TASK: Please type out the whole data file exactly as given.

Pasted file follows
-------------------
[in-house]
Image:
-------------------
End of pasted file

[in-house]
Image: